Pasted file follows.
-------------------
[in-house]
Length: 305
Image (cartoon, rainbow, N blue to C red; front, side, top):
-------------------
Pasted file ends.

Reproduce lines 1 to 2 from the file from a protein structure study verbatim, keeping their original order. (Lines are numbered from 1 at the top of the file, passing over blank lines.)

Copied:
[in-house]
Length: 305